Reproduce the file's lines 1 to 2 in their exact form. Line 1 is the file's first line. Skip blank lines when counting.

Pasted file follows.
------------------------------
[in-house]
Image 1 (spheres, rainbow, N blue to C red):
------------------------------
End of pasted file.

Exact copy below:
[in-house]
Image 1 (spheres, rainbow, N blue to C red):